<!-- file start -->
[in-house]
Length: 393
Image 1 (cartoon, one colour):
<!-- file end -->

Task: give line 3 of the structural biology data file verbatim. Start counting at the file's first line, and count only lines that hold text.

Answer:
Image 1 (cartoon, one colour):